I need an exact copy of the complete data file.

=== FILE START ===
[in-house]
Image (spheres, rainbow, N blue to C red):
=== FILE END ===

[in-house]
Image (spheres, rainbow, N blue to C red):